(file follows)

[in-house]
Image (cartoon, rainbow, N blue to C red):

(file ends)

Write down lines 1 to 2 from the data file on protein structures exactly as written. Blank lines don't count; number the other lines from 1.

[in-house]
Image (cartoon, rainbow, N blue to C red):